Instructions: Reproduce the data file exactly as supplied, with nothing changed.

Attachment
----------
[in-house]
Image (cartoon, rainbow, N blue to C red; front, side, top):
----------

[in-house]
Image (cartoon, rainbow, N blue to C red; front, side, top):